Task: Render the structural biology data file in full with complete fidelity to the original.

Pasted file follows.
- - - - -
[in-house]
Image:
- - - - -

[in-house]
Image: